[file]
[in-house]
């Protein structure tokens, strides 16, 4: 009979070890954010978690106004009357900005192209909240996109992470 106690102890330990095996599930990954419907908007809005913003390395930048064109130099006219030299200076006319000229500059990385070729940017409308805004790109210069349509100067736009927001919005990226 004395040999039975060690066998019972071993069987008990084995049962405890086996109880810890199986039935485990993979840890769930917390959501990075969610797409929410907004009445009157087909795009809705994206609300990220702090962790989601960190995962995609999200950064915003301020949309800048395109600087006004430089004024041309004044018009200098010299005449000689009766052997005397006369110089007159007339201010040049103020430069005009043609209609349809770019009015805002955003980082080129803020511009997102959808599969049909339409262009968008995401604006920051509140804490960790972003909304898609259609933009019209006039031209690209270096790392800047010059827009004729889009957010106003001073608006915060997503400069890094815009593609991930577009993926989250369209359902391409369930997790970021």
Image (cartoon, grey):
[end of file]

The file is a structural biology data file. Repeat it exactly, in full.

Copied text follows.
[in-house]
């Protein structure tokens, strides 16, 4: 009979070890954010978690106004009357900005192209909240996109992470 106690102890330990095996599930990954419907908007809005913003390395930048064109130099006219030299200076006319000229500059990385070729940017409308805004790109210069349509100067736009927001919005990226 004395040999039975060690066998019972071993069987008990084995049962405890086996109880810890199986039935485990993979840890769930917390959501990075969610797409929410907004009445009157087909795009809705994206609300990220702090962790989601960190995962995609999200950064915003301020949309800048395109600087006004430089004024041309004044018009200098010299005449000689009766052997005397006369110089007159007339201010040049103020430069005009043609209609349809770019009015805002955003980082080129803020511009997102959808599969049909339409262009968008995401604006920051509140804490960790972003909304898609259609933009019209006039031209690209270096790392800047010059827009004729889009957010106003001073608006915060997503400069890094815009593609991930577009993926989250369209359902391409369930997790970021």
Image (cartoon, grey):